Lone Piñon

Homebase:New Mexico

Genre:New Mexico Stringband
Lone Piñon is a New Mexican string band, or “orquesta típica nuevomexicana”, whose music celebrates the integrity of their region’s cultural roots. With fiddles, upright bass, accordions, vihuela, mandolin, guitars, jarana huasteca, and vocals in Spanish, English, Nahuatl, and P’urepecha, they play a wide spectrum of the traditional music that is at home in New Mexico.

The Norte has long been a crossroads of cultures, and centuries of intersecting histories, trade routes, migrations, and cultural movements have endowed the region with an expansive and rich musical heritage. After centuries of continuity, today the sounds of the old strands of New Mexican traditional music have become very scarce in their home territory: a casualty, in part, of the cultural disruption caused by New Mexico’s rapid and at times forced integration into the American economic and cultural environment. But testaments and bridges to this older world have remained in recordings and, most importantly, in the living memory of elders. The musicians of Lone Piñon learned from elder musicians who instilled in them a respect for continuity and an example of the radicalism, creativity, and cross-cultural solidarity that has always been necessary for musical traditions to adapt and thrive in each generation. In 2014, they started Lone Piñon as a way to explore and strengthen the oldest sounds of traditional New Mexico string music, sounds that had all but disappeared from daily life. Through relationship with elders, study of field recordings, connections to parallel traditional music and dance revitalization movements in the US and Mexico, and hundreds of performances, they have brought the language of New Mexico traditional music and related regional traditions back onto the modern stage, back onto dance floors, back into an aesthetic/artistic conversation, and back into the ears of a young generation.

Early on in the process, their involvement in New Mexican styles opened up connections to a network of related styles that cross state, national and generational borders. The group’s active repertoire reflects the complexity of this musical landscape and includes early conjunto duets, contemporary New Mexican rancheras, New Mexican swing, Hispanic Texan fiddle styles, Tohono O’odham fiddle tunes from Arizona, huapangos from the Mexican Huasteca region, and several styles of music from Michoacán: son calentano and son planeco from the southern lowlands and son abajeño from the P’urepecha highlands.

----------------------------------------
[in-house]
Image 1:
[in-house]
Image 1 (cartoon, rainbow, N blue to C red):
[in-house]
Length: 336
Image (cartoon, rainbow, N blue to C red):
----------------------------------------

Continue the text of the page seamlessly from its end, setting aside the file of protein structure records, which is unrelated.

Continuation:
In the past years Lone Piñon has played extensively throughout the Southwest and the US and recorded four studio albums: “Trio Nuevomexicano” (2016), “Días Felices,” (2017) and “Dále Vuelo,”(2019) and “Nuevas Acequias, Río Viejo: Traditional Music of Northern New Mexico” (2020).

In August 2018, they were invited by the Library of Congress and the American Folklife Center to Washington DC, where they recorded a concert and an oral history of their work with New Mexican and Mexican musical traditions. In 2019 they were honored to teach and perform Northern New Mexico fiddle and dance alongside traditional masters from across North America and Europe at Centrum’s Festival of American Fiddle Tunes in Port Townsend, WA. An award-winning documentary about their work with traditional music, “En Donde los Bailadores se Entregan los Corazones,” has premiered at select screenings in the US and is planned for film festivals in the US and Mexico starting this year. The band recently received the Parsons Award from the American Folklife Center, which will bring them back to the Library of Congress in Washington DC to study the Library’s collection of field recordings of Northern New Mexican musicians.

Lone Piñon est un nouveau groupe d’instruments à cordes mexicain, ou «orquesta típica», dont la musique célèbre l’intégrité des racines culturelles de leur région. Avec violons, contrebasses, accordéons, vihuela, mandoline, guitares, jarana huasteca et des paroles en espagnol, anglais, nahuatl et p’urepecha, ils jouent un large éventail de la musique coutumière du Nouveau-Mexique.

Le Norte a longtemps été un carrefour où s’entrecroisent des cultures et des siècles d’histoires. Les routes commerciales, les migrations et les mouvements culturels ont doté la région d’un patrimoine musical large et riche. Aujourd’hui, après des siècles, les vieux morceaux de cette musique traditionnelle néo-mexicaine sont devenus très rares sur leur territoire : victimes, en partie, des perturbations culturelles causées par l’intégration rapide et parfois forcée du Nouveau-Mexique dans l’économie américaine et son environnement culturel. Mais les témoignages et les ponts vers ce monde plus ancien sont restés dans les enregistrements et, surtout, dans la mémoire vivante des anciens. Les musiciens de Lone Piñon ont appris de leurs aînés, qui leur ont inculqué le respect de la continuité, l’exemple du radicalisme, la créativité et la solidarité interculturelle qui ont toujours été nécessaire pour que les traditions musicales s’adaptent et prospèrent à chaque génération. En 2014, ils forment Lone Piñon pour explorer et renforcer les sonorités les plus anciennes de la musique à cordes traditionnelle du Nouveau-Mexique, des sons qui avaient pratiquement disparu de la vie quotidienne. Grâce aux relations entretenues avec les aînés, l’étude des enregistrements sur le terrain, les liens avec les mouvements de revitalisation de la musique traditionnelle et de la danse aux États-Unis et au Mexique, et à des centaines de performances, ils ont ravivé la langue de la musique typique du Nouveau-Mexique et des coutumes régionales connexes sur la scène moderne. Ils sont également réapparu sur les pistes de danse, de retour dans les conversations esthétiques/artistiques, et de retour dans les oreilles de la jeune génération.

Share